Mediation and NVC Discussion Group Notes
7-26-01, Bellingham WA
Some of the participant Emails:
Suzanna McCarthy s u z a n n a m c c AT DOMAIN hotmail~com
David R. McCain d a v i d _ h o o p s AT DOMAIN yahoo~com
Kathi Aichner I r i s h L a s s i AT DOMAIN aol~com
KNEALE QUAYLE K Q U A L E AT DOMAIN HOME~COM
Suska Davis S u s k a d a AT DOMAIN usa~net
Herbert Warunbie c o n t a c t AT DOMAIN h-warumbie~de
Jim&jeri Manske p e a c e w o r k s AT DOMAIN quest~net
Dieter Schugt s c h u g t s d s AT DOMAIN NAS~COM
Eva Sholand S C H O L A N D S AT DOMAIN AOL~COM
Philip Blagg p h i l i p b l a g g AT DOMAIN bigplanet~com
Gina Laurie g l AT DOMAIN ykvo~com
Kit Miller k i t d a v e AT DOMAIN frontiernet~mt
Holly Eckert v v i o l i n AT DOMAIN aolcom
Pam Prichard P a m e l a . P R I C H A R D AT DOMAIN state~or~us
Mediation Strategy Tips:
Tip: Giving offender empathy first in victim offender mediation works well
Tip: Can use terminology restorative justice mediation vs. victim offender
Tip: Possible to step out of box and share one's own feelings as mediator when unusual situation calls for it, e.g., sharing with participants one's own sadness about difficulty finding way to mutually meet needs and desire to do so.
Tip: I particularly difficult issues, give each party a coach to meet with individually.
Tip: In family mediation/therapy, staff plays roles of family members and family members direct them as to what to say.
Tip: Often caucuses called due to mediators fear of conflict and need to contain it. Gary Freedman offers training in mediation...part of training allowed one participant to be aware of this and use fewer caucuses, allowing participants to hear more of communication.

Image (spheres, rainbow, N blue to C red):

Still important to let multiple person parties, couples etc., have time to talk about possible agreements and see if it works for them.
Information from Jim and Jori's experience of one-day workshop offered by Marshall recently for mediators in New Mexico and their use of the technique in mediations they have done. Marshall's training was sponsored by local mediation organizations.
Role of mediator is to translate all dialogue into giraffe. Intent of mediator pre-mediation is to connect with people there and find a way to meet everyone's needs.
40-word guideline. Never spend more than 40 words in observation/feeling/need/request process as lose people with too many words, i.e., get to the request within 40 words or less
After the introduction, skip traditional telling of story by each side and go directly to identifying participant's needs. Can write on board or flip chart so participants focus on this common direction of determining needs and later resolving them rather than on each other.
Can ask, "What needs aren't being met?"..."Who has a need that's not being met?"
Empathize with feelings and needs while you list them. Translate into giraffe and ask them "Did I get it" before you write it up. For example if participant says, "I don't want my ex-husband to take the kids to his church", can ask "What is it that you want?" If participant says, "I think the people at the church are crazy", can translate as a need, "So, are you wanting safety?"
Can ask question to get at needs, "So if you get that, then what would you have?"
Most of the time, 90% of the needs will be the same.